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US link-up talks as bmi reaches for open skies.

The UK's second biggest airline, bmi british midland, yesterday stepped up its fight for an open-skies agreement which would allow the company to offer transatlantic flights from Heathrow airport.

The airline announced it was seeking a joint venture with Star Alliance member United Airlines, which would enable them to discuss and co-operate on transatlantic routes.

The move comes ahead of UK-US talks in London next Tuesday on the possibility of allowing airlines complete freedom to offer travel between UK and America.

Under existing UK-US air policy regulations, only British Airways, Virgin Atlantic, American Airlines and United Airlines can operate transatlantic flights in and out of Heathrow.

Bmi announced at a press conference in Washington DC that, together with United Airlines, it was seeking anti-trust immunity.

The immunity, if successful, would allow the two companies to work together without being deemed anti-competitive by US authorities.

British Airways and American Airlines are also seeking this regulatory clearance.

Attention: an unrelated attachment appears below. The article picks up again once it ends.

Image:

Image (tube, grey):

Bmi chairman Sir Michael Bishop confirmed that the airline would offer flights from Heathrow to the US destinations of Miami, Denver and Seattle if the open-skies policy was agreed.

The airline would also begin Heathrow services to Washington and Chicago, having already started services to these destinations from Manchester earlier this year.

Sir Michael said: 'The time is right for a deal - not a mini deal but full open skies.'

He added: 'This has been a long running irritant. The original agreement was signed 23 years ago and the world has changed.'

Bmi Heathrow flights to the US could start by next summer if the open skies talks are successful, according to Sir Michael.

United Airlines spokeswoman Shelley Longmuir said: 'The stalemate between the US and UK has gone on far too long.'

It was essential, she said, that the US and UK were opened up to provide lower fares and better competition for customers.

Both nations would need to loosen existing regulations before any surge in trans-Atlantic consolidation could take place. Talks on liberalising air travel are scheduled for June 26 and 27 in London.

Merger speculation has taken hold of the sector following reports that BA was looking to renew merger talks with Dutch carrier KLM, but Sir Michael said it was not planning any such deal with United.

British Midland also announced a code-sharing deal with US carrier Atlantic Coast Airlines Holdings, which the company said would help it compete with BA in the Americas.
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Publication:The Birmingham Post (England)
Date:Jun 22, 2001
Words:403
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